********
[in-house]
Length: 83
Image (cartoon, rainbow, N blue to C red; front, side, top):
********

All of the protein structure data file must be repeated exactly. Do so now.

[in-house]
Length: 83
Image (cartoon, rainbow, N blue to C red; front, side, top):